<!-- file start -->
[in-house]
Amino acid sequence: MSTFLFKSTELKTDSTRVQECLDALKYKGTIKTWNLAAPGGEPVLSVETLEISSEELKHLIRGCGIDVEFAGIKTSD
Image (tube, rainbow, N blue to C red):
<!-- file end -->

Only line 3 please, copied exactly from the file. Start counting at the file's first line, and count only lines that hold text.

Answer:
Image (tube, rainbow, N blue to C red):